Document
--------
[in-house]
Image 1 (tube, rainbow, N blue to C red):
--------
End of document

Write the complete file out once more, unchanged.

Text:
[in-house]
Image 1 (tube, rainbow, N blue to C red):